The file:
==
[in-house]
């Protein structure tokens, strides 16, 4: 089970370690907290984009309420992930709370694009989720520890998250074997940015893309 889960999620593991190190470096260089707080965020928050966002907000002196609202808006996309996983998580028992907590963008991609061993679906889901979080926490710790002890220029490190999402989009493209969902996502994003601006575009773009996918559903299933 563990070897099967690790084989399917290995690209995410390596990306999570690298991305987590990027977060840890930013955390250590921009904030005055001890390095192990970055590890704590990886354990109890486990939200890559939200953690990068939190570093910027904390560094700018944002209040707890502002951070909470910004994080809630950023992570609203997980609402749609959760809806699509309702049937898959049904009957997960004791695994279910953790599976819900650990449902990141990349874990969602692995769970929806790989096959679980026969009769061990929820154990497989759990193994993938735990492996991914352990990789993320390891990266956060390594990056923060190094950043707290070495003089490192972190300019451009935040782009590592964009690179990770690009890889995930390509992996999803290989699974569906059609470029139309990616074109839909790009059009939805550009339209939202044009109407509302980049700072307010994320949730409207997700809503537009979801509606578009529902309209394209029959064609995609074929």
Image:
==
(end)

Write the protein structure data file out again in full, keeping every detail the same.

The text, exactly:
[in-house]
């Protein structure tokens, strides 16, 4: 089970370690907290984009309420992930709370694009989720520890998250074997940015893309 889960999620593991190190470096260089707080965020928050966002907000002196609202808006996309996983998580028992907590963008991609061993679906889901979080926490710790002890220029490190999402989009493209969902996502994003601006575009773009996918559903299933 563990070897099967690790084989399917290995690209995410390596990306999570690298991305987590990027977060840890930013955390250590921009904030005055001890390095192990970055590890704590990886354990109890486990939200890559939200953690990068939190570093910027904390560094700018944002209040707890502002951070909470910004994080809630950023992570609203997980609402749609959760809806699509309702049937898959049904009957997960004791695994279910953790599976819900650990449902990141990349874990969602692995769970929806790989096959679980026969009769061990929820154990497989759990193994993938735990492996991914352990990789993320390891990266956060390594990056923060190094950043707290070495003089490192972190300019451009935040782009590592964009690179990770690009890889995930390509992996999803290989699974569906059609470029139309990616074109839909790009059009939805550009339209939202044009109407509302980049700072307010994320949730409207997700809503537009979801509606578009529902309209394209029959064609995609074929």
Image: